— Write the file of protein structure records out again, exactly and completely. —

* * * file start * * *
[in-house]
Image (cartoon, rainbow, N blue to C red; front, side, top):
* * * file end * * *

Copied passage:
[in-house]
Image (cartoon, rainbow, N blue to C red; front, side, top):